By Rupert Hargreaves
A few weeks ago, technical analysts at CLSA Benthos published a research which seemed to claim that the dollar commodity correlation is breaking down.
This claim is based on technical analysis that claims the Dollar Index could move to 115 in the near term. However, commodity prices are also gaining ground, giving a reason to believe that the dollar commodity correlation is starting to break down.
Commodity prices display a predictable pattern
Over the past 100 years, commodity prices have displayed a very predictable pattern. Prices accelerate every 28 to 30 years, typically, a spike in prices is seen before a pattern of cyclical ranging price action. The January lows are likely to mark the lows for the sharp declining phase and should be seen as the initial support level and lower boundary of a prolonged basing pattern over the coming years. The next accelerated peak in this commodity series is projected out in 2038 to 2040. That's according to analysts at CLSA Benthos.
There is some research to support this conclusion. A research paper on real commodity prices by David Jacks from Simon Fraser University in Vancouver and the Massachusetts-based National Bureau of Economic Research, found that in the very long run - from about 1850 onwards - commodity prices as a whole have moved in cycles yet on a more granular basis, different trends appear.
For example, the real prices of soft commodities have been in collective and perpetual decline since 1850 - rounded out by aluminium and the related mineral of bauxite as well as zinc. "Energy products, minerals, and precious metals are clearly in the "gainer" camp, grains and soft commodities are clearly in the "loser" camp, and metals are left as contested territory."
The paper goes on:
Applying weights drawn from the value of production in 2011 suggests that real commodity prices have increased by 252.41% from 1900, 191.77% from 1950, and 46.23% from 1975. Of course, this result is largely driven by energy products. Applying weights drawn from the value of production in 2011 but which exclude energy suggests that real commodity prices have still been on the rise, having increased by 7.76% from 1900, 58.44% from 1950, and 1.97% from 1975. Applying weights drawn from the value of production in 2011 but which exclude both energy and precious metals suggests that real commodity prices have a more mixed record, declining by 3.94% from 1900, increasing by 39.91% from 1950, and declining again by 10.97% from 1975. Finally, applying equal weights (but including both energy and precious metals), real commodity prices have increased 2.01% from 1900, have increased 44.18% from 1950, and have decreased by 3.93% from 1975."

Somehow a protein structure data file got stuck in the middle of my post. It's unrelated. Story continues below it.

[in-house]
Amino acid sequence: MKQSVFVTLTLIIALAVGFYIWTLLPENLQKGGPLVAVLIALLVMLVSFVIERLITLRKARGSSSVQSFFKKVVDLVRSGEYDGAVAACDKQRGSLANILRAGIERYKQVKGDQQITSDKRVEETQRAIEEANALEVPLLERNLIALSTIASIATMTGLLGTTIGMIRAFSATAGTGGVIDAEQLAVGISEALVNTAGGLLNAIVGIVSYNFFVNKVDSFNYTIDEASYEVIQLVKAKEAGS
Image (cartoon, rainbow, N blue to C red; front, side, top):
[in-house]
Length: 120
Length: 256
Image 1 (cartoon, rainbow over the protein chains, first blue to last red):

This shows that while real commodity prices do tend to trend higher over the long term, advances in technology can cap price gains as production rises to meet increased demand.
But what about the dollar commodity correlation?
Dollar commodity correlation breaking down?
The US has been in demand for much of the past decade as investors seek safety in the world's biggest reserve currency. Rhetoric from the Federal Reserve regarding tightening of monetary policy has also helped boost demand for the greenback. The dollar has now reached an interesting time in its career. The dollar's 40% rise since its quantitative easing programme has made the currency a victim of its own success. The currency has now become so strong that any attempt to tighten by the Federal Reserve threatens the stability of the financial markets - according to the Financial Times.
Is The Dollar Commodity Correlation Breaking Down?
According to CLSA, the dollar's current rally is only five years old. The past two significant dollar rallies, from 1978 to 1985 and 1995 to 2002 lasted around seven years. So, if history repeats itself, the current dollar rally has another two years to run.
Where the dollar goes next depends on Fed policy and commodity investors paying close attention to the Fed's rhetoric. Since the financial crisis there has been a very strong inverse relationship between commodities and US dollar. But this hasn't always been case. CLSA notes that the final phases of the advance in the Dollar Index (1983 to 1985 and 1999 to 2001) were accompanied by a rally in the commodity index. While research from Schroders shows that during the boom years of the 1990s, and recovery after the dotcom bubble bursting from 2003-2006 there was almost no relationship between the US dollar and commodity prices. Further analysis shows that in the period from 1990 to 2015, 61% of the time there was a negative correlation between US dollar and commodities, and 39% a positive correlation.
These trends might not be applicable this time around. In both the 80s and 90s, traditional market forces ran the market and this time around the Federal Reserve is providing a backstop - a backstop which has sponsored the recent dollar rally and funded the slump in commodity prices through its zero interest rate policy. Whatever the case, it looks as if based on both historic trends and the deteriorating fundamentals of global commodities markets, commodity prices are going to be under considerable pressure for the foreseeable future.
Disclosure: Rupert may hold positions in one or more of the companies mentioned in this article. You can find a full list of Rupert's positions on his blog.
Disclaimer: This should not be interpreted as investment advice, or a recommendation to buy or sell securities. You should make your own decisions and seek independent professional advice before doing so. Past performance is not a guide to future performance.